Take the 2-minute tour ×
Stack Overflow is a question and answer site for professional and enthusiast programmers. It's 100% free, no registration required.

I always read on the web that global variables are bad, and I understand that they are bad because each function has access to them and if each function in the application modifies the global variable, in a large application, it can become very difficult to trace the state of this variable at a particular point in the code.

But my question is this, if I have a variable that each function is going to need to use anyway, isn't it better to declare it as global? instead of having to instantiate my variable every time inside each function?

Also, when should I use global variables as opposed to local variables?

share|improve this question
    
Main concern with GV is its unnecessarily keep memory once loaded weather you use it or not. –  Amit Soni Mar 20 '12 at 12:23
    
If globals suit your case, use them. You can make them properties of a "namespace" object if you like, some prefer that approach because it's convenient and neater, but there is nothing inherently wrong with globals (memory use, performance, etc.). If working on a large development with different teams or contributors, they can get hard to manage. –  RobG Mar 20 '12 at 12:58

2 Answers 2

Every variable represents some real or imaginable entity. If you are sure that entity is unique, then it's OK to have static variable for it. For example, screen/keybord/mouse devices are represented with static variable of type java.awt.Toolkit (accessible via getter). But such cases a rare. Usually, programmer thinks of single instance of entity, and declares a static variable for it, and then a need for another similar entity arise, which ends in laborious refactoring.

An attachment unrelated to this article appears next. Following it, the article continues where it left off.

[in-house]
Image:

share|improve this answer

This is all about memory utilization while code is running. You always try to keep less number of object into the memory while code running.Object with less scope(method scope) your object will live less in memory hence good memory utilization. So need to keep variable as less scope as it is necessary. But your statement for global variable is not fully correct as in java we have access modifier (public,private,default etc) and if any global variable(class variable) has private modifier then it cannot be modified by outside the class.

share|improve this answer

Your Answer

 
discard

By posting your answer, you agree to the privacy policy and terms of service.

Not the answer you're looking for? Browse other questions tagged or ask your own question.